Stepping out of the ‘Comfort Zone’ Essential to High School Theatre



Courtesy of Mrs. Jessica McLaughlin

Columnist Sydney Peet was one of WW's drama students who relished the opportunity to learn from Darius Jordan Lee, a professional who most recently was seen in Clueless the Musical as the role Sean/ Murray Cover at the Signature Theatre Company. Lee’s credits include Guthrie Theater: West Side Story (Riff), John W. Engeman Theater: In the Heights (Benny Cover), Mamma Mia! (Eddie), among many others.

Sydney Peet, Staff Reporter

Many students use high school as means of finding their personal identity through classes, sports, clubs, and, of course, the arts. One of the most formative activities available to students is theater. Due to the individuality found in theater productions, it only makes sense that high schools, bent on making students feel safe and accepted, allow and even promote clubs to produce less of the drab and mundane shows typically seen and more of the unique, nontraditional, and exciting shows that changed the culture of theater.

Theater is one of the most versatile art forms of all time; it can portray historical events, literary works, scientific investigations, sports, and pretty much any subject if one puts their mind to it. However, high schools rarely showcase the productions that make theater so special and diverse, rather sticking to the usual suspects – Once Upon A Mattress, Beauty and the Beast, Guys and Dolls, Grease, Bye Bye Birdie, Little Shop of Horrors, etc. Many of these shows are familiar to the non-theater-goer, and that is precisely the problem. These shows have become too familiar, and as so many know, the familiar is no match for the fun of diverse shows. Excessive comfort is the end of creativity. Once the community (audience and administration alike) becomes too used to shows, they bore of them – meaning less interest, fewer audience members, and smaller profits for the theater group. Decreased profits in an age of decreased funding for the arts is detrimental to the development of creative minds and individual identities. If no one cares for the arts enough to increase interest in local productions, who will remain in the industry to create the marketable goods that consumers love – movies, paintings, books, and music?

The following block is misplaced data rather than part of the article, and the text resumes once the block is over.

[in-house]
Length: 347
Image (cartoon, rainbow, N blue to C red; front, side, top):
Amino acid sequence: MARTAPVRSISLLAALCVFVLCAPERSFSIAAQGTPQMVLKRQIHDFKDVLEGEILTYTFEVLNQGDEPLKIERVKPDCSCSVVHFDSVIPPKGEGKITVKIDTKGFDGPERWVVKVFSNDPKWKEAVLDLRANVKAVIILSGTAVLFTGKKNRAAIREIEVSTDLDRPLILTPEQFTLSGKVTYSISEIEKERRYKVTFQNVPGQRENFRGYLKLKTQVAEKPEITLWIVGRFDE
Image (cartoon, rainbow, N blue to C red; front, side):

Good thing for local communities that increasing interest is relatively simple. Encourage theater groups to produce nontraditional shows. The odd and out-of-the-ordinary is what drives people to come witness the arts. If each gallery in the world only had the same fifteen pieces, no one would want to see the same art they’ve already seen, and be less likely to frequent galleries, as the average person would have very little interest in attending the same show they have already seen. Society demonstrates daily that old is out – it’s best to get in with the new. That’s why local theaters and schools alike need to take advantage of changing times and begin to encourage their troupes to produce something new and unique.

Shows such as Spring Awakening and Hair consistently draw crowds because productions of these shows are few and far between. Groundbreaking shows such as these do not come without controversy, however. Blatant displays of the youth counterculture, struggles with mental health and morality, drug use, and teen pregnancy, unsafe abortions, and suicide cause a reaction from society, leading many to claim that these shows are not suitable for high school students. While some believe this to be true, it simply is not. High school students are subjected to these themes often in their daily lives – hundreds, perhaps thousands, of people in the community struggle with mental health and some see no other choice but to end their lives or turn to drugs. 3 in 10 teenage girls will have been pregnant at least once by the age of 20, and roughly 18% of all abortions in America are for teenagers.

Exposing students to these difficult situations allows them to anticipate encountering them in their lives, saving others lives in the process. Producing difficult shows also allows actors to mature in their roles and in life, juggling some terrifying situations every day at rehearsals, while keeping up with school work and social lives.

Increasing the diversity of shows produced at high schools can not only boost the reputation of the school district and increase public involvement in productions, but also help teenagers and the community learn to handle difficult subject matter. In a world as scary as ours can be, people need to be reminded of the good that they can do. Theater productions may not solve all the world’s problems, but they certainly solve some.